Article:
The Washington Legal Clinic for the Homeless

We are happy to see that the DC Council made some new investments in affordable housing programs in the first stage of budget decisions last week. But the DC Council needs to do so much more to get us to a #JustRecoveryDC. DC had a preexisting affordable housing crisis that is about to get much worse as a result of the global pandemic and economic recession. Many experts estimate that homelessness will increase 40-45% nationwide. A lack of safe housing and shelter combined with longstanding disparities have resulted in people experiencing homelessness being most impacted by COVID-19: 315 positive cases and 20 dead in DC.

Nearly 9/10 people experiencing homelessness in DC are Black. We urge the Council to prevent harm from occurring to Black people, not just mourn it after harm occurs. That includes preventing homelessness, ending homelessness, investing in deeply affordable permanent housing, and diverting money from programs that hurt Black DC residents. Read our statement on systemic racism and white supremacy here.

Check out the status of the Legal Clinic’s highest priority asks for the FY 2021 budget below. (Further background on our budget asks can be found here.)

Place People in Hotels, Dorms and Housing to Prevent COVID-19 Transmission

Ask: Fully fund a requirement that DC offer each person experiencing homelessness a noncongregate placement until a vaccine is widely available or the pandemic is over #WhatHomeDC

Status: No progress.

Eviction Prevention

Ask: Increase the Emergency Rental Assistance Program (ERAP) by at least $12 million (M) and develop an expanded eviction prevention program (#CancelTheRent).

Status: DC Council restored Mayor’s $1.115M cut plus added $150,000.

Remaining need: At least $12M for ERAP.

End Family Homelessness

The Mayor only added 54 affordable housing slots for families in Permanent Supportive Housing (PSH). This means that only 2% of Rapid Re-housing (RRH) families would have a longterm subsidy to exit to. The rest are likely to cycle back into homelessness. The Department of Human Services (DHS) is starting up RRH time limit terminations in July.

Ask: 1) Require a moratorium on RRH time limit terminations in FY20 and 21 to allow families to have a shot at getting employment and recovering from the public health emergency.

2) Add $17.39M to Targeted Affordable Housing (TAH) vouchers for 712 families.

3) Add $10.42M for 500 LRSP tenant vouchers.

Status: No progress.

End Chronic Homelessness

The Mayor only funded PSH for 96 individuals and 54 families who are chronically homeless.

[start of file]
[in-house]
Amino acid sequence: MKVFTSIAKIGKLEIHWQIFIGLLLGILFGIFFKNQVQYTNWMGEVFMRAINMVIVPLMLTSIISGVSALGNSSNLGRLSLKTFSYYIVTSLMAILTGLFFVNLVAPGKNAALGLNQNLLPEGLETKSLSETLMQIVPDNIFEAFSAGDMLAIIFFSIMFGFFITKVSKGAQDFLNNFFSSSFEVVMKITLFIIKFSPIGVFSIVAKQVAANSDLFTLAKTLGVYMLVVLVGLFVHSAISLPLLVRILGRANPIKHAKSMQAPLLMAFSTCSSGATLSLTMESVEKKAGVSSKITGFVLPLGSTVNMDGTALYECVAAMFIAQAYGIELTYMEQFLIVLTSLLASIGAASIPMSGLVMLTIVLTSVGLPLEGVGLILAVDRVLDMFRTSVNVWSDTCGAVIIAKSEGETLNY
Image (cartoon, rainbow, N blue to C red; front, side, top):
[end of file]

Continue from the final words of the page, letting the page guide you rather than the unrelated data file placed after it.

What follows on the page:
Ask: Fund PSH for 1404 individuals and 248 families.

Status: The Council has increased PSH for 50 individuals. No progress on families.

Remaining need: PSH for 1354 individuals, 248 families.

Invest in Re-entry Housing Pilot

Ask: $1.8M per year for a Re-entry Housing Pilot, including services, for 50 people.

Status: $1M funded

Remaining need: $800,000.

Build Deeply Affordable Housing

Ask: 1) $130M in Housing Production Trust Fund (HPTF) for households making 0-30% Area Median Income (AMI).

2) $24M in project/sponsor-based Local Rent Supplement Program (LRSP).

3) Better target the property tax abatement to the creation of affordable housing available to people with incomes below 50% of AMI.

Status: Committee added $9M to HPTF, meaning $4.5M for 0-30% AMI housing.

Remaining need: $125.5M for HPTF, $24M for project/sponsor based LRSP.

Repair Public Housing

The Mayor put $25M into FY21 and $15M into FY22 for public housing repairs.

Ask: 1) $60M/year

2) Include protections from the Public Housing Preservation and Tenant Protection Amendment Act of 2020 in the Budget Support Act.

Status: The Council added $376,000 to the public housing repairs fund.

Remaining need: $34.6M in FY21, $45M in FY22, and $60M in subsequent fiscal years.


To fund these critical needs, the Legal Clinic supports:

  1. Decreasing the police budget;
  2. Diverting money from Rapid Re-housing to permanent housing for families;
  3. Diverting $127M from the Streetcar to public housing repairs;
  4. Diverting $5.4M in Streetcar PayGo funds to ERAP;
  5. Diverting future years of the K Street Transit Project to public housing repairs;
  6. Increasing taxes on the wealthy;
  7. Closing tax loopholes; and
  8. Reforming DC’s tax code to both raise revenue and further economic and racial justice. (See here for more details.)

We cannot understate the amount of work the Council has to do before its first vote on this budget next week. As the budget stands right now, it doesn’t even meet the needs for a “normal” year. However, this year certainly isn’t normal for DC residents. It’s much worse. We hope that Councilmembers follow Councilmember Kenyan McDuffie’s lead and refuse to support an unjust budget: “If, after these protests subside, we don’t see meaningful change w/ actual policies that go along w/ funding & commitments, then it’s not real justice & I won’t be prepared to support it.”

What can you do?

  1. Contact your Councilmembers before Tuesday, July 7 (the first vote), and ask them to make sure that these programs are fully funded.
  2. Don’t forget to contact Chairman Mendelson (, whose voice carries significant weight in these decisions.
  3. Join us on Monday, July 6th, for a Black Homes Matter rally that the Legal Clinic is co-hosting from 3-6PM on Freedom Plaza.